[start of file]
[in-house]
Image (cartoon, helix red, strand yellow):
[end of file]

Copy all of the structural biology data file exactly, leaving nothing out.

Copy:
[in-house]
Image (cartoon, helix red, strand yellow):